A fantastic catch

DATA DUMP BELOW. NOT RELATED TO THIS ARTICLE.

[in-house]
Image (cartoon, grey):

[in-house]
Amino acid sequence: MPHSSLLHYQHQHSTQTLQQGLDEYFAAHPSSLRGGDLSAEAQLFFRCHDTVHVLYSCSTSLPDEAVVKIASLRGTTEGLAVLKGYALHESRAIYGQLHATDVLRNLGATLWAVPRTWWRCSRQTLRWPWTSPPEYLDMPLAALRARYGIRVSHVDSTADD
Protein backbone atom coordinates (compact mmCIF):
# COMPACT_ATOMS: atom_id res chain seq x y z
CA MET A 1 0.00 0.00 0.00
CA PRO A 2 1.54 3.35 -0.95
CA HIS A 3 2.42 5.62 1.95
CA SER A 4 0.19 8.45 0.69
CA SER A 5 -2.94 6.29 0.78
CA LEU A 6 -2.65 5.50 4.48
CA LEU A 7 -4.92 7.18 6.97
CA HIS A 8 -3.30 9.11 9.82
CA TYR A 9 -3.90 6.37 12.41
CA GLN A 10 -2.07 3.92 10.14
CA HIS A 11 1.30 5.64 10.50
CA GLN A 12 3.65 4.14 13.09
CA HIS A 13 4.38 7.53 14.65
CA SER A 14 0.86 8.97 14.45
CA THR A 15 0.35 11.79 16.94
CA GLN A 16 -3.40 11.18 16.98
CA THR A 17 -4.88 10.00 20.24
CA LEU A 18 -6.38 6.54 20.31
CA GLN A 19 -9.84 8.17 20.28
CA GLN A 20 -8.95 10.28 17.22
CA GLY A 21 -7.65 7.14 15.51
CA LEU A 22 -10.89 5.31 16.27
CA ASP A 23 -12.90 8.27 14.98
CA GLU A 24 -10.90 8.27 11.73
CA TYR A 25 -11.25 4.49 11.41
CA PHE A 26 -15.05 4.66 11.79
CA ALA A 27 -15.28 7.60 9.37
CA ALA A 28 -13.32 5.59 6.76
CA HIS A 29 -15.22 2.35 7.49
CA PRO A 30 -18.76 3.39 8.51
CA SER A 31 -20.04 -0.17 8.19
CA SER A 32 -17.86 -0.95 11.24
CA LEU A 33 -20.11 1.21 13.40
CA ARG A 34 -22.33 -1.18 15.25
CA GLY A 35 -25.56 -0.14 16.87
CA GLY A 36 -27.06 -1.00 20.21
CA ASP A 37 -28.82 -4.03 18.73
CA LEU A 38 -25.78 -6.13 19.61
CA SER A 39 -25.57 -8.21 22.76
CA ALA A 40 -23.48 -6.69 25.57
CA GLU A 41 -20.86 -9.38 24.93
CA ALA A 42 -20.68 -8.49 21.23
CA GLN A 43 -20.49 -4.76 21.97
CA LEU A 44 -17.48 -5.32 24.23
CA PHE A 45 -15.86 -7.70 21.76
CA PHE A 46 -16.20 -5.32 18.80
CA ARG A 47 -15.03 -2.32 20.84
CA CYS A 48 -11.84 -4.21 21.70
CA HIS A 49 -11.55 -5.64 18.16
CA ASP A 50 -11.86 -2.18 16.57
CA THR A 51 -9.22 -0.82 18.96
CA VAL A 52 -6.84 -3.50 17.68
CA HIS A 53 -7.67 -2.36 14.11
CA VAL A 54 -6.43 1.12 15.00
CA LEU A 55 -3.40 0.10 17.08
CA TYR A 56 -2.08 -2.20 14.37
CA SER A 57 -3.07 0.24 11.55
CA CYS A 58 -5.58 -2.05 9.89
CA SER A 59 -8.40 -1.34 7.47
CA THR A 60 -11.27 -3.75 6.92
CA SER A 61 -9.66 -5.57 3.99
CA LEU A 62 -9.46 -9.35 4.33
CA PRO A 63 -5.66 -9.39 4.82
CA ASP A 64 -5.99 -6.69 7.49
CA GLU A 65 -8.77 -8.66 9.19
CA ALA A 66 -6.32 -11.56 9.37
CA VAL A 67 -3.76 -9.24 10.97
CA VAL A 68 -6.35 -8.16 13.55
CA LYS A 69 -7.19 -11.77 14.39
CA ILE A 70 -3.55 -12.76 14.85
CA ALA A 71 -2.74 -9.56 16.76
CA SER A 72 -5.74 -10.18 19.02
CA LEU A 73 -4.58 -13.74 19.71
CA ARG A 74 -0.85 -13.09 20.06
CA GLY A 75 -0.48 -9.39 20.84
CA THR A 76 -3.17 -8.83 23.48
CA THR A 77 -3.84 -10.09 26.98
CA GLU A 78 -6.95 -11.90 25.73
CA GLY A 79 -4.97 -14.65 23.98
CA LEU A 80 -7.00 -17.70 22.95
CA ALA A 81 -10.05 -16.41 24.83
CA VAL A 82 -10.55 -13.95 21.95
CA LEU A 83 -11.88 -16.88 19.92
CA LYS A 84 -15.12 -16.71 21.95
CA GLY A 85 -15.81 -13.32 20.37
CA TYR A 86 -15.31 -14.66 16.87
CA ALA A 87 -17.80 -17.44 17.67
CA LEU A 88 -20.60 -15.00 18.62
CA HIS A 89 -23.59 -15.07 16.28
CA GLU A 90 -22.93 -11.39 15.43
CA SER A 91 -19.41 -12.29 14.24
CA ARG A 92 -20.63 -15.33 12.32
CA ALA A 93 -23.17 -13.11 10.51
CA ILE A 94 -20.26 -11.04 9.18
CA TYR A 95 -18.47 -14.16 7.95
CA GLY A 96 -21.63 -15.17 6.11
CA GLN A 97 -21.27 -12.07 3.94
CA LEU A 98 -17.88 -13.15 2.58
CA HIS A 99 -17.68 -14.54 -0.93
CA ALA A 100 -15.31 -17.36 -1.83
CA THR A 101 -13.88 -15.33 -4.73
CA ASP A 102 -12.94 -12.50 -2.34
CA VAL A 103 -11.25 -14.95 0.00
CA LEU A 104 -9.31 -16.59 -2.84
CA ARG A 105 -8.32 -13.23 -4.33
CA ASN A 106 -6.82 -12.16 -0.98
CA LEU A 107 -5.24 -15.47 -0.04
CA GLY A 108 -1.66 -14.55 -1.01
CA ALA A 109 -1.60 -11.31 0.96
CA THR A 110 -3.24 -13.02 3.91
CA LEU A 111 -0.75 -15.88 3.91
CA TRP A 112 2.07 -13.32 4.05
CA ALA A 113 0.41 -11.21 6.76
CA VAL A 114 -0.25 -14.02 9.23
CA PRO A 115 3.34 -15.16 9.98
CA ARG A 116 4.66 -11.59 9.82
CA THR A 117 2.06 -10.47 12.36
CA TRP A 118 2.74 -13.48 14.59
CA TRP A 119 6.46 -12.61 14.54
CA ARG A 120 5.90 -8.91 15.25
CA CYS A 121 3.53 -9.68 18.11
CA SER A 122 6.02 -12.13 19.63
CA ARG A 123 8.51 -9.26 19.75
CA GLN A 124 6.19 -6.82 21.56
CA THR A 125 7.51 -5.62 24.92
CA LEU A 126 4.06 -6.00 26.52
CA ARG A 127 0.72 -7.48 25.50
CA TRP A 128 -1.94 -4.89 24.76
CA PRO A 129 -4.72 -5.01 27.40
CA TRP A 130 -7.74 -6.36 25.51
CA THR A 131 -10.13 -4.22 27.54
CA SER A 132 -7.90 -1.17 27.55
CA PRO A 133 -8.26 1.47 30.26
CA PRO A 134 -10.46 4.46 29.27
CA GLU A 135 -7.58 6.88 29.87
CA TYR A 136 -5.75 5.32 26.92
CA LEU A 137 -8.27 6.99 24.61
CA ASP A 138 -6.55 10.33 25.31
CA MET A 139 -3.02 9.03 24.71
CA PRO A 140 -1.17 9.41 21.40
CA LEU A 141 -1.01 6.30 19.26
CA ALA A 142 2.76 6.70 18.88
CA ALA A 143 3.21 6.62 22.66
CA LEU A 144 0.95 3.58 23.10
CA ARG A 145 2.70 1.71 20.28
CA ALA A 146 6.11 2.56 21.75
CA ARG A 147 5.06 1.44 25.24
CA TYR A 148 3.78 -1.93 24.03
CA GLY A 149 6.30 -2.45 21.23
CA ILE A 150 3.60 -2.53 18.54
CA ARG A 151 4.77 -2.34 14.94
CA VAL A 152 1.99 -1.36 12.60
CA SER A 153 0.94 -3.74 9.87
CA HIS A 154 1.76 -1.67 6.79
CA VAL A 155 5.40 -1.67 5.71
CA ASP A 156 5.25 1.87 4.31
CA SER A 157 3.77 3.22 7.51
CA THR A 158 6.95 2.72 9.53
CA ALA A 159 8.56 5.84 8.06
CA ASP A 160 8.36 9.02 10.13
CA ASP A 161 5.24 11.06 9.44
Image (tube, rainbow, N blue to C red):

Fossilized stomach contents are rare in the fossil record but can offer incredibly important insights into the life and death of extinct animals through deep time. While studying fossil fishes in the collections of the Stuttgart Museum, I (Sam Cooper, PhD student, Stuttgart State Museum of Natural History) identified a unique predator-prey association from the Early Jurassic Posidonia Shale (Posidonienschiefer) of southern Germany, consisting of a large bony fish named Pachycormus preserving a large ammonite shell inside of its stomach. The ammonite shell is undigested and well preserved, indicating that the shell was swallowed immediately prior to the fish’s death. Working together with Dr. Erin Maxwell (Stuttgart State Museum of Natural History), we concluded that this unique feeding event was fatal, with the ingestion of the ammonite shell being directly responsible for the fish’s death. Either the shell became trapped in the throat causing the fish to choke and drown, or the sharp edge of the shell tore open the stomach wall causing catastrophic internal bleeding. Either way, it must had been a very unpleasant death.